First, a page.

The shock explosion of a 200-year-old tree caused by a heatwave has prompted an expert to warn that 'no tree is safe' from changing weather conditions.
Despite appearing perfectly healthy prior to the rise in temperatures, an oak tree, believed to have been around two centuries old, suddenly exploded sending debris flying everywhere.
The city of Portland, Oregon is experiencing its longest warm spell on record, with temperatures consistently above 35C, creating disruption in a number of areas with many unaware that such a phenomenon existed.
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The exploding tree added to the problems in the neighbourhood of Eastmoreland this week when one of its large branches, thought to have weighed around 13,600kg (2,140st), hit power lines, causing a limited amount of property damage.
Explaining how a build-up of gases inside the tree from the heat caused the violent reaction, arborist Michael Jolliff told local television station FOX 12 : "That (heat) tends to cause thermal changes inside the tree in the wood tissues and also the build-up of gases inside the tree.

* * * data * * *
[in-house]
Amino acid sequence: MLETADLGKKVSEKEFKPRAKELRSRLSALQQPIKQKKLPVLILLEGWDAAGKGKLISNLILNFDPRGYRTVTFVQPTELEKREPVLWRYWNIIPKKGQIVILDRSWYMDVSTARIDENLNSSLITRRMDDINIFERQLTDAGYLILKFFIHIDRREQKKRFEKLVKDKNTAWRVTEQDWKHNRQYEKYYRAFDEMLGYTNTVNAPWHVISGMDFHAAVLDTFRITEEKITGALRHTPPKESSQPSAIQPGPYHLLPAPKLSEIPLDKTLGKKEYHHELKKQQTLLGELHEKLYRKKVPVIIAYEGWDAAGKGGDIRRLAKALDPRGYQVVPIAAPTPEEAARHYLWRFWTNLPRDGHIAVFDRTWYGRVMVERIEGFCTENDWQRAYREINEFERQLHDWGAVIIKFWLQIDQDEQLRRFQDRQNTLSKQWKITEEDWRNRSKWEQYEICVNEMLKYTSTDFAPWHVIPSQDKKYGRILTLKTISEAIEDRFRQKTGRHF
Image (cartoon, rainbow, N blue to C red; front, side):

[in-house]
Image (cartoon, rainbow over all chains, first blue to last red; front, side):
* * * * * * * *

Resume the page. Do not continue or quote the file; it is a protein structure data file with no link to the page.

"That can be explosive and sudden."
He added that the "dynamic" reactions are more likely to happen in older, heavier trees and especially oaks, as the pressure increases more rapidly.
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Mr Jolliff also warned that continued warmth — including future episodes brought on by global warming — would make these rare explosions increasingly likely, stating: "We’re going to continue to see it because of the way the heat is trending.
"There isn’t any real precursor or warnings and that’s the problem.
"No tree is perfectly safe."
The tree will now need be removed after succumbing to the heat, ending 200 years of survival that saw it survive many ice storms in one of the United States' most northerly regions.
Tree explosions are more commonly caused by extreme cold, with a number of incidences recorded during an abnormally frosty winter in Texas earlier this year.
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